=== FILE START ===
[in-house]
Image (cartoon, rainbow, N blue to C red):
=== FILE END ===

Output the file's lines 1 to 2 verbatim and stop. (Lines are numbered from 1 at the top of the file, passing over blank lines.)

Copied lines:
[in-house]
Image (cartoon, rainbow, N blue to C red):